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Derrick Guilder

Derrick Guilder, 22, is led into Kingsbury Town Court in September 2017 by Hudson Falls police to be arraigned on second-degree murder and first-degree arson for the blaze that killed Ashley E. Coltrain at their 11 North St. home in Hudson Falls. A new law in New York allows authorities, family members or school officials to petition a judge to seize guns of people who are dangerous to themselves or others. Many incidents of violence involve couples.

People who threaten others with violence should not be allowed to own firearms.

We’re happy to debate that one all day long.

The conversation over gun ownership has made some progress in recent years, with many states — such as New York — passing legislation that allows for a process to take firearms away from those who are mentally unstable.

The new law in New York allows law enforcement officials, family members or school officials to petition a judge to seize the guns of people who are dangerous to themselves or others.(tncms-inline)89e15184-332a-4431-8f21-3ff23f51b71e[0](/tncms-inline)

This week, the House of Representatives is expected to take up reauthorizing the Violence Against Women Act that was originally passed in 1994.

Under the current federal law, anyone convicted of domestic abuse can lose their guns if they were married to the victim, lived with the victim, had a child with the victim or are a parent or guardian of the victim.

What the law does not address is the so called “boyfriend loophole.”

The law proposed by House Democrats, which not surprisingly is opposed by the National Rifle Association, closes that loophole by extending the protections to include stalkers and current or former boyfriends or dating partners.

Earlier this year, Rep. Elise Stefanik proposed reauthorizing the previous bill without addressing the “boyfriend loophole.”

That is short-sighted and we don’t understand why it should not be included.

The NRA argues that many stalking offenses are often not threatening or violent.

We’re not buying that.

A single message on social media or one incident rarely will get you convicted of stalking. Usually, there is an ongoing pattern of harassment.

One thing we know from experience is that when it comes to violent crime in our neighborhoods, it is almost always between couples. Consider some of our recent history:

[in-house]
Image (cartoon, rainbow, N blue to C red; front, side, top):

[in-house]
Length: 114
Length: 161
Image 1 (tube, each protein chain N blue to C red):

• A Hudson Falls man killed his live-in girlfriend by setting a fire in their apartment in 2017.
  • A Hadley man beat his wife to death in May 2017.
  • A Bolton man shot and killed his wife and himself in November 2015.
  • A Lake Luzerne man stabbed his estranged wife to death in 2013.
  • A Lake George man shot and killed his estranged wife and himself in 2011.
  • A Glens Falls man shot and killed his wife at a convenience store in 2006.
  • A Granville man killed his girlfriend and himself in 2006.

Sadly, that is just a sampling.

Experts at the Centers for Disease Control say that roughly half of female homicide victims are killed by “intimate partners,” which includes spouses and dating partners.

The statistics also show that domestic abusers with guns inflict a disproportionate amount of violence on their partners. Abused women are five times more likely to be killed by their abuser if the abuser owns a firearm.

And the share of homicides committed by dating partners has been increasing for three decades. Just as many people are now being killed by a dating partner as a spouse.

The NRA has decided to hold our elected representatives’ feet to fire and “score” the vote on the bill. That means the NRA will use it against any legislator who does not vote the way they want.

We reached out to Rep. Elise Stefanik’s communication director on Wednesday morning, asking where she stood on the bill and how she would vote. She wrote that Rep. Stefanik believed the Democrats’ bill would not pass in the Senate and favored the previous bill.

That is pragmatic, for sure.

But in this case, we believe improving the bill with this simple adjustment is more important.

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Post-Star editorials represent the opinion of The Post-Star’s editorial board, which consists of Interim Publisher Brian Corcoran, Editor Ken Tingley, Projects Editor Will Doolittle and citizen representatives Jean Aurilio, Connie Bosse and Barbara Sealy.

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